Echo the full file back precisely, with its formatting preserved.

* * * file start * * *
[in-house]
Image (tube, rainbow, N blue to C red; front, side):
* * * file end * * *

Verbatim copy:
[in-house]
Image (tube, rainbow, N blue to C red; front, side):